At the end of the four-week hearing, the AEC board voted two-to-one to revoke Oppenheimer’s clearance. The board found no evidence to support Strauss’s claim that Oppenheimer was a spy, but noted that he had many past ties to communists, as Oppenheimer had already revealed. In its decision, the board also emphasized Oppenheimer’s resistance to the hydrogen bomb, writing that his position “had an adverse effect on recruitment of scientists and the progress of the scientific effort.”
Later that year, the AEC published a redacted transcript of the hearing, called In the Matter of J. Robert Oppenheimer, which revealed to the public the blatant unfairness of the hearing. (In 2014, the U.S. government released previously classified information on the hearing, and many of the details upheld Oppenheimer’s loyalty to the nation.)
Correcting a historical wrong
Meanwhile, back in Los Alamos, Oppenheimer's colleagues at the Lab fought to restore their former director’s good name. Led by physicist Fred Ribe, 494 scientists risked their own careers when they signed a petition and sent it to President Dwight Eisenhower and the AEC in 1954.
“The nature of the argument by which the majority of the board nevertheless concludes that he is a security risk is alarming,” Ribe wrote. “…we are apprehensive that this poorly founded decision … will make it increasingly difficult to obtain adequate scientific talent in our defense laboratories.”
The petition never delivered the desired effect.
In the years after his security clearance was revoked, Oppenheimer retired from public service, though he still contributed heavily to the scientific community. He helped found the World Academy of Arts and Sciences in 1960, and he continued to lecture and write about physics. Oppenheimer, a constant smoker, died of throat cancer in 1967.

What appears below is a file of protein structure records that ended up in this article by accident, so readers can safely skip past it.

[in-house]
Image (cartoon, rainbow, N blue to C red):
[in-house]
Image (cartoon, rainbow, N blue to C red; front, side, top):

Over the decades, the scientific community at the Lab tried repeatedly to correct the historical mistake that left a black mark on Oppenheimer’s name. There were small moments of victory, like in 2004 when the U.S. Senate—on the 100th anniversary of Oppenheimer’s birth—passed a resolution to recognize “the loyal service to America of Dr. J. Robert Oppenheimer,” but the smirch upon his security clearance remained.
Then in April 2022, members of the Lab tried once more to nullify the AEC’s decision.
Laboratory Director Thom Mason and eight former Los Alamos directors signed a letter and delivered the note to Secretary of Energy Granholm, urging DOE to nullify the AEC’s decision as a “historically appropriate remedy” to what they saw as an egregious mistake. In December 2022, Granholm made the DOE’s decision known.
“As a successor agency to the Atomic Energy Commission, the Department of Energy has been entrusted with the responsibility to correct the historical record and honor Dr. Oppenheimer’s profound contributions to our national defense and the scientific enterprise at large,” Granholm said in a statement. “Today, I am pleased to announce the Department of Energy has vacated the Atomic Energy Commission’s 1954 decision In the Matter of J. Robert Oppenheimer.”
The decision was roundly hailed—by scientists, historians, and the media—as an appropriate gesture to clear the name of a man who dedicated his career to the nation’s security.
“Although this brings no peace to Dr. Oppenheimer, who died long ago, it brings needed perspective to the real truth of his legacy, integrity, and moral courage,” Mason said of the decision. “It also sends a message that while the U.S. government takes security seriously and expects truthfulness, it must reciprocate with a fair analysis and principled decisions.” ★